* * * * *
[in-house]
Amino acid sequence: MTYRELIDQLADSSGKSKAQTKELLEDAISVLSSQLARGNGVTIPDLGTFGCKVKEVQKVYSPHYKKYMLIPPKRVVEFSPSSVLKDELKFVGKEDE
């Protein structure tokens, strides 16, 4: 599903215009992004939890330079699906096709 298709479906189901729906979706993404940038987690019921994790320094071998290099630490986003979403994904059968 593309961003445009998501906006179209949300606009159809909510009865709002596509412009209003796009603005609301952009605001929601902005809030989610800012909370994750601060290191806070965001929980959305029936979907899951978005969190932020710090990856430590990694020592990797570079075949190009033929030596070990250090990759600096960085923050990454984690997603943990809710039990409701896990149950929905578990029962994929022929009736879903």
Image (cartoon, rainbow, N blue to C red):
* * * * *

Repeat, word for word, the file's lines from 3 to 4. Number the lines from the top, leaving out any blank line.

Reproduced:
């Protein structure tokens, strides 16, 4: 599903215009992004939890330079699906096709 298709479906189901729906979706993404940038987690019921994790320094071998290099630490986003979403994904059968 593309961003445009998501906006179209949300606009159809909510009865709002596509412009209003796009603005609301952009605001929601902005809030989610800012909370994750601060290191806070965001929980959305029936979907899951978005969190932020710090990856430590990694020592990797570079075949190009033929030596070990250090990759600096960085923050990454984690997603943990809710039990409701896990149950929905578990029962994929022929009736879903």
Image (cartoon, rainbow, N blue to C red):